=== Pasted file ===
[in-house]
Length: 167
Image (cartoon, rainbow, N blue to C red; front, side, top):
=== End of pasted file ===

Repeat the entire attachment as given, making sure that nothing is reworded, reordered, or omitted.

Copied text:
[in-house]
Length: 167
Image (cartoon, rainbow, N blue to C red; front, side, top):